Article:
June 03, 2008

Esther's Diary: The Scribbles Of A "Stranger"

Dear Reader, this is the last part of the series Esther's Diary. To follow the series, read the first part "Exiled", the second part "Settling Down" , the third part "Untitled", and the fourth part of the series "My Baby".

Diary Esther, Aham bu Uzoh (My name is Uzoh). I know Esther has told you a lot about me because I have read her entries many times over. It’s amusing to read Esther writing in Igbo, but yes, her spoken Igbo got much better after she came here. You have told me a lot about my sister that I did not know. I know now in her own words what she has been through since the man who fathered me exiled her down to our village here in Imo State. To read in her own words how much I comforted her, how much she was grateful, and how much she loved me, made me cry like a child.

You’re probably wondering why I have read something as private as my sister’s “Diary”(You’re actually just an exercise book she found lying around). You’re also wondering why I had the guts to scribble in it too. I was the one who captioned each of her entries as I deemed fit after reading it. I captioned the third one “Untitled” because I could not find a suitable word to label that entry. Under normal circumstances, all these things I have done to you would be wrong. But the circumstances are not normal. They have never been normal since she started writing in you. Diary Esther, Esther died after childbirth. Esther is dead. I was by her hospital bed when she went into labour. She pushed and pushed until the baby came out. It was a dark complexioned baby girl, not a boy as I have read she hoped. She looked at it from under heavy eyelids while the nurses took it away to bathe. She fell asleep while I was rubbing her hand gently and dabbing her sweaty forehead. When the nurses returned with the baby, I left her side. You should have seen the baby; so tiny and light I was worried I would drop her. She stared at me with great intensity and gripped my index finger tightly. I covered her with kisses. She did not cry, neither did she smile. The nurses woke Esther up to breastfeed the baby. I watched her suckle the baby while thinking aloud what to christen it. Now I realise she probably had only names for boy child in her head. Finally, she decided to name her after Grandma and Onyinye; she christened the baby Ezinne Onyinye Ezeilo. After breast feeding Ezinne, she handed her to me and slept. She never woke.

I have never cried so much in my life. I ditched school for a month to take care of Ezinne. I’m happy I made that decision because a month after she was born, Ezinne died of sickle cell anemia. I mourned Ezinne for a long time. It was like losing my sister again. You’re cold print, you can’t understand what it’s like to be bereaved and I don’t think I can put it into words. Turns out that bastard, Emeka is an AS, Udoka is also an AS. Ezinne did not get a chance to be all her mother wanted her to be. I’m going to have to repeat SS2 but that’s nothing. Nothing at all compared to what I have gained in these two months.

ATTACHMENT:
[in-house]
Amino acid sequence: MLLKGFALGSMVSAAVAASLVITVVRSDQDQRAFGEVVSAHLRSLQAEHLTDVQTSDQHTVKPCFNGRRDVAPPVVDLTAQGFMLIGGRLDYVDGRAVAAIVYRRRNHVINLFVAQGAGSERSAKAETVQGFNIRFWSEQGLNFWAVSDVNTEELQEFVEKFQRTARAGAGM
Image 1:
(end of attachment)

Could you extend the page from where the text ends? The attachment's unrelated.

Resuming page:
After these deaths, I was seething. I was furious with everyone who abandoned her, everyone who made her feel less than she was. Remember Uche, Mazi Ikenna’s son that called Esther a prostitute? He came for the burial to eat rice. I ran into him a few days later in the dark. I did not “smack him silly”, I gave him a sound beating and left him on the ground crying loudly. I don’t see how I can possibly payback Charity and Adanma, but I will always bear what they said in mind.

There is so much Esther did not tell you. She gives no detail of her family background and she doesn’t mention our youngest sister, Amara at all. I can’t explain why. In her four diary entries, she refused to mention her surname… Was she afraid of ruining Dad’s reputation by telling you? Her surname is MMADU! She is Esther Udoka Mmadu! Our father earns a living, travelling from one school to another in the East, educating students on the ills of premarital sex and sexually transmitted diseases, especially HIV/AIDS. He’s renowned and he has won an award from an NGO (I don’t remember the name). Yes, I can understand how he may feel terribly embarrassed by Esther’s pregnancy, but is that enough reason to just abandon her here? He never called her, he never carried her child. He refused point blank to let me invite Esther’s friends or even mine for the burial. The burial was a family affair. Is his fear of losing his reputation and every thing he has worked for, so strong that he could not come down here even for one day in those nine trying months of Esther’s life? I’m ashamed to call him my father. God forbid that I’d be like that. Diary Esther, I’ll keep you safe. Reading you is like listening to Esther, the sister I’ll never forget.



  1. I have to admit that I was surprised to discover so many people(that means more people than I expected)were following Esther's story.

    Despite the fact that I had finished writing the story before posting the first part, I decided to revise. Everything I had written sounded lame all of a sudden. I was sitting at my desk thinking..."this series has to have a neat ending" and this is what I have got...

    I can't wait to read your comments.

    Thank you,
    Osondu Nnamdi Awaraka

  2. Nicely done.
    I must say that I respect your honesty.You are strong enough to know your weaknesses and that is worth a thousand authors who daren't reflect critically on their writing.
    Lots of things do not hold together (still) in this piece, but there is the potential of a good short story here.
    The persepctive twist at the ending fits in well with the short story genre.
    The turn of the screw...
    Congratulations on an honest piece of writing--pleasure to read.

  3. I forgot to point something out.

    That thing is 'Aha m bu', not 'Aham bu'.

    Take care.